“We decided that space was definitely something we needed to upgrade to, which directed us towards a skoolie,” explained Bocast. That term she used, Skoolie, it’s the phrase adopted by the community of individuals who convert school buses into livable spaces. Nipping at the heels of the van life craze, #skoolie represents a lesser known but vibrant alternative to tiny home living.
Why a bus?
Having already worked as a demo driver for the past few years, Bocast knew a van wasn’t going to provide the ample amount of storage they wanted.
“Space-wise you really can’t beat a bus, and I think we liked the idea of it being a little more funky,” said Bocast “I come from a background in the bike industry where everyone has some sort of cargo van. Whether it’s a sprinter or promaster—so having something unique is fun.”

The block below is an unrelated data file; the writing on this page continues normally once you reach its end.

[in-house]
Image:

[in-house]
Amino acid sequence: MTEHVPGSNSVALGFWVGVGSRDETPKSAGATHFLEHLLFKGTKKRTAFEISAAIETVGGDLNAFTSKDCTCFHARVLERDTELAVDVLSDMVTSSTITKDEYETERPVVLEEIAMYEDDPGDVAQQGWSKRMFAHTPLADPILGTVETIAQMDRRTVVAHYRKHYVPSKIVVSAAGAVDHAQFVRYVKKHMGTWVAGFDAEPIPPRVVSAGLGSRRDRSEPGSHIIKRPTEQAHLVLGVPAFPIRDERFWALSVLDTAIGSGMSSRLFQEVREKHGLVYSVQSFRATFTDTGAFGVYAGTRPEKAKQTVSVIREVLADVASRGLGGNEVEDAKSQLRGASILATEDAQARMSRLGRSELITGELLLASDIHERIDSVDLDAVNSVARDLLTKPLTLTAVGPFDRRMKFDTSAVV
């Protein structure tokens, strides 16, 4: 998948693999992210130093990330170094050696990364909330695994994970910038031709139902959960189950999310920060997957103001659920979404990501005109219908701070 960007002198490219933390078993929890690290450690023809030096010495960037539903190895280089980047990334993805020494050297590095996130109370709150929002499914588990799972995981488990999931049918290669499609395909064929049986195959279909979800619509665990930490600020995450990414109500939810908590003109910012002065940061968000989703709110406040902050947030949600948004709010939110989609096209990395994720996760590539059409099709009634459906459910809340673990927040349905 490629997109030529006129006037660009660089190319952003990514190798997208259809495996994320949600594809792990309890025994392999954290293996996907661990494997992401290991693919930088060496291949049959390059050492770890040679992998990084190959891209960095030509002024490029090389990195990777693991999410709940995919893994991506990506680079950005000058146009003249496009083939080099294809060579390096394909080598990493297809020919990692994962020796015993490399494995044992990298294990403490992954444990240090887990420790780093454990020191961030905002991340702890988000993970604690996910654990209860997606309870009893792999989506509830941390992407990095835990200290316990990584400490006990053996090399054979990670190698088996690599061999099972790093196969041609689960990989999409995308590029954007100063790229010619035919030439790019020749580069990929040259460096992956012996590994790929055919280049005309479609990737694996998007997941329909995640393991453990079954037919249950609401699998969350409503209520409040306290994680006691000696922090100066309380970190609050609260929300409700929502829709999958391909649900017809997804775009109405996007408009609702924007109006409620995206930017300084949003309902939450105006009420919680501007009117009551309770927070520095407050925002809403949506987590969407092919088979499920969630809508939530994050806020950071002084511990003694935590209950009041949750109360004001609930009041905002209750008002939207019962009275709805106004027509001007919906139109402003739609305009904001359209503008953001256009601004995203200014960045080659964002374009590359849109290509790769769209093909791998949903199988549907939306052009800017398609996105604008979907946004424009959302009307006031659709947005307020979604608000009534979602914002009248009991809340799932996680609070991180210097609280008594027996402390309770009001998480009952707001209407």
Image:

Instead, they found inspiration from friend and bus life connoisseur, Brock Broomfield. In addition to being a professional snowboarder, Broomfield has made a name for himself through his website, buslifeadventure.com
“When I lived in Oakridge I connected with Brock and he was constantly hounding us to get a bus. He actually found us this really rad skoolie and we almost pulled the trigger and last minute backed out,” Bocast said.
Their hesitation was Broomfield’s opportunity, and he snatched up the find. But their decision to wait ended up being a blessing in disguise. Their patience allowed for something even more magnificent: Nancy.
Before and after of the interior demo. Once they removed the pre-existing floor they had to deal with the rust they found underneath—a process that took a laborious two weeks. Roam Events photo.
Finding Nancy and bringing her home
The duo’s must haves—a “shmedium” sized bus with a wheelchair lift access side door—made locating her a bit more difficult than they imagined. Six months later stars aligned through one fateful eBay search.